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The Alphabet House

3.64  ·  Rating details ·  6,971 ratings  ·  848 reviews
In the tradition of Alan Furst, the #1 international bestselling author delivers his first stand-alone novel, a psychological thriller set in World War II Nazi Germany and 1970s England

British pilots James Teasdale and Bryan Young have been chosen to conduct a special photo-reconnaissance mission near Dresden, Germany. Intelligence believes the Nazis are building new fact
Hardcover, 480 pages
Published February 24th 2015 by Dutton (first published November 18th 1997)
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Chris Morris I'm so glad I saw your comment/question. I was also disappointed. It should have been a great book - the basis for the plot is incredible. But the cha…moreI'm so glad I saw your comment/question. I was also disappointed. It should have been a great book - the basis for the plot is incredible. But the characters fell flat, and the plot seemed to pick up steam and then slow down in fits. Department Q books are much better.(less)

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Average rating 3.64  · 
Rating details
 ·  6,971 ratings  ·  848 reviews

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May 04, 2015 rated it liked it

I decided to read this book because I'm a fan of Jussi Adler-Olsen's 'Department Q' mysteries and thought this standalone (written prior to the Dep't. Q books) might be a good read.

As the story opens it's 1944 and World War II is raging. English flyboys Bryan Young and James Teasdale are sent on a mission to do aerial reconnaissance over Germany, where they get shot down.

After some hide-and-seek with German soldiers Bryan and James make their way onto a German medical transport train, throw of

Disclaimer: ARC via Netgalley.

Sometimes plots and ideas don’t just work for some readers. This is one of those books for me. The Alphabet House would make an excellent movie, but as a book it doesn’t quite fly. The story starts with two English fliers in World War II. They get shot down and eventually, after a series of events that do and don’t work, find themselves in the Alphabet House, a hospital for Nazi officers.
The two Brits, Bryant and James, never really seem to come alive as individua
OK. So I wanted to like this book. I really, really did. It had everything I like: asylum, WWII era, historical fiction, a good plot. However, This book just drug ON, and ON, and ON. It was so slow moving, and I found myself really not looking forward to reading it every time I had time to read. It just didn't do it for me. Very creative plot, and had amazing potential for a thriller...just didn't have the thrill aspect. I wish I could have said I loved this book, but sadly it was not all I was ...more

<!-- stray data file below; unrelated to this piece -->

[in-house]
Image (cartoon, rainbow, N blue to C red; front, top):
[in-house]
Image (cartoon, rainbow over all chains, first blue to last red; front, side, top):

While I received this from Netgalley (a VERY long time ago) in exchange for an honest review, I ended up listening to this book on Audible.

4 stars.

This is a tale of two books.

The first half of is mind-numbingly monotonous and downright boring, almost to the point of putting it on the DNF shelf. The second part is exceedingly suspenseful, complete with violent confrontations, a touch of romance, and a tale of revenge on a trio of monstrous villains. Adler-Olsen touches on the universal themes of
Aug 19, 2014 rated it it was ok
It’s got evil Nazis and narrow escapes. It takes place in a mental hospital staffed with soulless doctors and nurses whose “care” is administered with equal parts cruelty. It’s got betrayal and a swift and certain death sentence for anyone suspected of deception. Add in a pair of World War II British pilots trapped behind enemy lines and faking mental illness to avoid capture.

So what’s not to like?

Plenty, as it turns out.

For most of the first 200 pages Bryan, the novel’s narrator, is lyin
Liz Barnsley
The first thing I have to say is that this must have been extremely well researched, the detail is magnificent, horrifying and yet strangely fascinating. Set in two parts, the first following two friends, trying to evade capture, who end up in a mental institution in Germay, the second portion of the novel deals with the fallout many years later.

I thought this was cleverly done – the first half is fairly slow moving, allowing the story to unfold at a pace that truly allows you to take in what th
Cold War Conversations Podcast
The nature of friendship, war, loyalty, guilt and love told via a brilliant thriller.

I must admit I was expecting a standard World War 2 escape story, and the book does start that way. However, it rapidly descends into a dark place as the two escapees hide on a train reserved for wounded SS men where they end up in a mental hospital where they undergo various brutal treatments whilst trying to maintain their disguise.

This is not one for the faint hearted and the descriptions of the mental hospit
Jan 24, 2017 rated it liked it  ·  review of another edition
Shelves: audio
Brian and James are two 20 year old Englishmen that are shot down over Germany in WWII. With a dog patrol on their heals they frantically hop on a German train, which contains SS officers that are ill. They take the place of two of them (yes, they throw two men off the train to do it but at least one of them was dead) and frantically try to do everything they can to fit in and gather information. At the end of their trip they're taken off the train on stretchers and find themselves in an insane ...more
Greg at 2 Book Lovers Reviews
Two WWII British pilots are trapped behind enemy lines in Nazi Germany. This is the story of their desperate attempts of survival, but can they survive with their lives and their sanity?